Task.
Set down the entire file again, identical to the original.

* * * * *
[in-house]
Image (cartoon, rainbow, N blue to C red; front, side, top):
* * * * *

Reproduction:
[in-house]
Image (cartoon, rainbow, N blue to C red; front, side, top):